The winter months in the Lakes Region can be an exciting time for your dog since many dogs love the snow! This being said, we are all aware of just how cold it can be outside and that these chilly temperatures impact humans and dogs alike. Below are some behaviors that your pup will exhibit when they are cold, as well as tips to keep your dog warm and happy this season.
Signs That Your Dog Is Too Cold
Shivering is one of the most visible signs that your dog needs to warm up. Dogs are similar to humans in this aspect as their fur is not usually enough to keep them comfortable in very cold weather, just as jackets cannot always provide enough warmth for people.
Your Dog Keeps Lifting its Paws
The pads on a canine’s paws are sensitive, especially to frozen roads and the snow. If your dog is continuously lifting her paws, there is a good chance that she is too cold! Snow, ice melt, and road salt can also get stuck in between dog’s toes which is very uncomfortable.
Excessive Whining by Your Dog
Behaviors such as shaking or shivering and paw lifts can also be paired with whining. When dogs are cold, they will do their best to make you aware of their discomfort and a common way to do this is by getting vocal.
If you see any of these behaviors, please bring your dog inside to get warm again and if you were outside with them, you will probably want to get warm as well!
Now that you know what to watch for, here are some ideas to help you make your winter days fun.
How to Manage the Cold and Enjoy Your Time Outside with Your Dog
Things to consider:
Your Dog’s Fur
The length and thickness of your dog’s coat should help you gauge how long they will be comfortable outside for. If your dog has very short fur or no fur at all, consider putting them in a dog jacket to keep them toasty.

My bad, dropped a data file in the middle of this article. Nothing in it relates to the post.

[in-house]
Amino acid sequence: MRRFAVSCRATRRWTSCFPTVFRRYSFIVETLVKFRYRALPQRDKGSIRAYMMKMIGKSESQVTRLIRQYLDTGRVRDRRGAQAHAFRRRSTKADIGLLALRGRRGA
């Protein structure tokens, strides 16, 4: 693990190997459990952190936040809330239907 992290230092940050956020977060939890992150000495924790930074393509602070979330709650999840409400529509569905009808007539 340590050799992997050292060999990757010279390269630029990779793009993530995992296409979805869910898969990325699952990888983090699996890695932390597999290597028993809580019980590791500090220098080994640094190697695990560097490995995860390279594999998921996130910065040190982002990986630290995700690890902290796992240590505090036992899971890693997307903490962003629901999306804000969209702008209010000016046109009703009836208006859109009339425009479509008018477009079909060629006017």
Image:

Your Dog’s Size
Small dogs have a harder time containing warmth as they have less body mass, whereas a larger dog will generally stay warm for longer.
Your Dog’s Paws
Some dogs have sensitive paw pads especially if they are new to snow and ice. If you are concerned about your dog’s pads, you may want to look into dog booties to protect them from the elements. While some dogs can take a little while to adjust to them, there is no harm in putting these on your furry friend as long as they are not too tight and your dog does not get upset when their paws are handled.
Venturing Outside With Your Dog
Monitor Activity Levels
Now that you are ready to brave the cold, make sure that your dog is staying active while they are out. This will help ward off the cold.
Fun Activities to Try With Your Dog in the Cold
- Playing fetch with snowballs
- Letting your dog chase you while you sled
- Allow your dog to catch snow as you shovel or snow blow
- Go on hikes or walks
- Meet up for doggie playdates and let everyone frolic in the snow together
These are just a few ways to entertain your pup during the winter and there are plenty more!
When You Are Ready to Come Back In
Make Sure Your Dog Has Plenty of Water
After you have enjoyed the outdoors, make sure that your dog has access to water. Similar to humans, dogs can get easily dehydrated after playing in the snow. Drinking water will make sure that they stay happy and healthy.
Dry Your Dog Off
If they are wet, take a few minutes to dry them off with a towel. This is important for their health, specifically their skin, their ears, and their paws. A dry dog also makes for a clean and dry home and a warm place for them to rest after their adventure as their beds will not get wet.